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Startseite Urgent Actions 2019 03 Turkey must release civil society figures
UA 035/19
Abgeschlossen am 1. April 2019

Turkey must release civil society figures

AI-Index: EUR 44/0003/2019

Osman Kavala, Yiğit Aksakoğlu and 14 other prominent civil society figures are facing life in prison after a court accepted an indictment against them on 4 March. They are wrongly accused of ‘attempting to overthrow the government or prevent it from performing its duties’ for their alleged role in ‘directing’ the Gezi Park protests of 2013. Osman Kavala has already been remanded in pre-trial detention for over 16 months and Yiğit Aksakoğlu for almost four months. The rest of the accused are currently free pending trial. The Turkish authorities must immediately and unconditionally release Osman Kavala and Yiğit Aksakoğlu and drop the trumped-up charges against all 16.


The Gezi Park protests started as an environmental protest against the redevelopment of Gezi Park in central Istanbul. They quickly spread across the country in response to the heavy-handed police crackdown of the protest in Istanbul and drew millions of people onto the streets to participate in an overwhelmingly peaceful mass expression of dissent. The indictment presents this protest movement as being the central element of a violent plot to overthrow the Turkish government. Spurious allegations are peppered throughout the indictment which attempt to tie the accused individuals to this alleged plot. Despite lack of any evidence presented in the indictment that ties the accused to any of the crimes listed in it, all the accused face life in prison without parole.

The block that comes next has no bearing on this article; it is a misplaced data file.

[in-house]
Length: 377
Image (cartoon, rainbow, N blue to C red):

In addition to civil society leader Osman Kavala and Yiğit Aksakoğlu, an NGO professional working in early child development, those accused include renowned journalist Can Dündar, lawyer Can Atalay, architect Mücella Yapıcı and city planner Tayfun Kahraman, board member of Anadolu Kültür Hakan Altınay and its deputy chair Yiğit Ali Ekmekçi, film producer Çiğdem Mater as well as a number of individuals involved in writing, producing and acting in an interactive play, alleged by the authorities to be a rehearsal for the Gezi Park protests.

Osman Kavala was taken into police custody on 18 October 2017 at Istanbul Atatürk Airport upon arrival on a flight from Gaziantep, eastern Turkey. On 1 November 2017, a judge ordered that he be remanded in Turkey’s maximum security Silivri Prison, where he has been detained since. On 16 November 2018, Yiğit Aksakoğlu was detained by police alongside 12 other civil society figures. While the others were all released, Yiğit Aksakoğlu was remanded in pre-trial detention on suspicion of ‘attempting to overthrow the government’ following a 17 November court order from the Istanbul Criminal Court of Peace No. 6. Only three of the individuals detained in November alongside Yiğit Aksakoğlu have been named in the 4 March indictment. The rest of the individuals in that group are currently free and have not been charged although an investigation against them continues. Yiğit Aksakoğlu remains in prison.

A review of Kavala and Aksakoğlu’s ongoing detention will be held on 2 April. This will be the first time their lawyers will have the chance to appeal their detention based on the evidence and indictment levelled against them.

The right to freedom of peaceful assembly is enshrined in human rights treaties to which Turkey is a party, including the 1966 International Covenant on Civil and Political Rights (ICCPR) and the 1950 European Convention for the Protection of Human Rights and Fundamental Freedoms (ECHR). The right to freedom of peaceful assembly is also protected by Turkey’s Constitution. On 26 April 2015, an Istanbul court ruling confirmed that the Gezi Park protests were activities protected under the right to peaceful assembly by acquitting all 26 individuals prosecuted for their alleged role in the protests. Defendants included Mücella Yapıcı, then Secretary of Taksim Solidarity, a coalition of more than 100 organizations of architects, engineers, doctors, trade unionists and others established to oppose the redevelopment of Gezi Park. The court also acquitted her and four others of ‘forming an organization with the aim of committing a crime’ in the same case.

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